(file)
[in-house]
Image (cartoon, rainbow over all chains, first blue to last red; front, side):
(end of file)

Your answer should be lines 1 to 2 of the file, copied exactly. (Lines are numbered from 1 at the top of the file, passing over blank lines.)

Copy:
[in-house]
Image (cartoon, rainbow over all chains, first blue to last red; front, side):